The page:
AI Tackles Algorithmic Bias by Going Genderless
To create Q, researchers recorded the voices of several non-binary people and digitally combined them to make one 'master' voice, which sits between the typical male and female vocal range.
The default voice of many AI assistants – such as Apple's Siri and Amazon's Alexa – is female, with the option to select a male voice if the user prefers. This reinforces negative gender stereotypes, as it contextualises the female voice in a position of servitude. The alternatives also alienate the many people across the globe who now identify as non-binary or non-gender conforming.
Eight billion digital voice assistants are projected to be in use by 2023 (Juniper Research, 2018). Genderless Voice is offering Q on a not-for-profit basis, asking visitors to its site to share Q on social media to help get the technology implemented by Apple, Amazon, Google and Microsoft. Tech companies would be wise to integrate it before they face backlash; our reports No Offence and How to Talk About Sex & Sexuality explore the importance of representation and terminology in brand messaging.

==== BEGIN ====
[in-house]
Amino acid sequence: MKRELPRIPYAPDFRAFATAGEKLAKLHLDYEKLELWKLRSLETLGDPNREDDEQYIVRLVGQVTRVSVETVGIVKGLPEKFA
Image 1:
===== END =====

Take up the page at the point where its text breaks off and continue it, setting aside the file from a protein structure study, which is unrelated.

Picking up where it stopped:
The tech industry is starting to address its issues of gender and racial bias. In our coverage of EmTech 2018, we spotlighted the work of Joy Buolamwini, founder of the Algorithmic Justice League and our Look Ahead 2019 Technology Diversity Outlook influencer. Her latest project, Gender Shades, aims to improve facial recognition algorithms which currently struggle to gender – and even identify – people with darker skin tones.
Brands should be aware of the potential biases built into the products they offer consumers, and collaborate with innovators such as Genderless Voice and the Algorithmic Justice League to work towards providing more inclusive offerings.